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Pediatrics/Possible TB exposure in toddler


Dear Dr. Olson,

I am writing you with a few concerns about possible exposure to Tuberculosis or (hopefully) latent Tuberculosis. My 22 month old nephew who lived the first 7 months of his life in Ho Chi Minh City, Vietnam recently had a positive PPD. He had been tested upon first moving to the US 1 year ago and was negative, however his pediatrician tested him again as he had returned to Vietnam this summer with my brother and sister-in-law to visit family for 1 month. I am not sure what the size of the positive PPD was, however their pediatrician is placing him on 9 months of INH and is planning more tests for this week including blood work and a chest xray. They feel that most likely he has latent TB.

My concerns are this: I have a 19mth old boy who is regularly in contact with his cousin and being toddlers they exchange a lot of saliva (they have regularly shared cups and exchanged hugs and kisses) and although I understand that latent TB is not contagious- how can we be sure that what he has is in fact latent TB? As a toddler my nephew has regularly been ill with fevers, cough, runny nose, and is somewhat underweight but I never thought any of this was anything serious other then the regular string of toddler colds- now I am wondering if there was something more serious going on the whole time. Should I get my own son tested with a PPD? Second, if my nephew does in fact have the latent form of TB, and they start INH, how do we know if the medicine is working? If he develops illness in the next months how do we know this is just a cold and not the TB becoming active? I understand that not all forms of TB will respond to INH and I am not sure if there is a way to tell whether or not the form he has will respond to the treatment? I just want to keep my own son safe from possible infection as well as continue to allow the boys to play together as I care deeply about my nephew.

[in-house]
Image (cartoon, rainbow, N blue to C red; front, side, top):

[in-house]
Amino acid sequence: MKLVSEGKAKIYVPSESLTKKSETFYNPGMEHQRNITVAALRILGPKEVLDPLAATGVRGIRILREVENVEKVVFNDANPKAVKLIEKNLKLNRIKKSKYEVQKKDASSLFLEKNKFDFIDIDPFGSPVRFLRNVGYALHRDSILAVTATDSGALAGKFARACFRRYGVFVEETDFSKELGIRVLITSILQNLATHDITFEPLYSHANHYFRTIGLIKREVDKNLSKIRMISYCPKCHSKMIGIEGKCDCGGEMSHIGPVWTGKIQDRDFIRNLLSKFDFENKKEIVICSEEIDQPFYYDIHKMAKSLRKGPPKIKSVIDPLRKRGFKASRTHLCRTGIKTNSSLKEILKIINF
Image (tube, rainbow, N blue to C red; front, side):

Thank you for your time!

Hi, Hannah,

Certainly have your son tested.  He has been closely exposed to someone with TB.  A test is easy and smart.

If it is negative, then it always could be repeated in a few months to be sure.  If it is positive, then he needs to be treated.  

If your nephew takes the full course of the INH, then he is treated.  If it is latent TB, thats about all you can do to treat.  If he develops symptoms of TB, then chest xrays could be done.

Good luck, Dr. Olson


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David Olson, MD


I would be happy to attempt to answer any questions about general pediatric topics, either medical issues or behavioral issues. This would include all the various questions one receives in a busy pediatric practice. I`m a board certified pediatrician in northern Michigan and have been in practice for over 15 years. I enjoy the teaching role I have in our practice and would enjoy the opportunity to help others with their pediatric problems.

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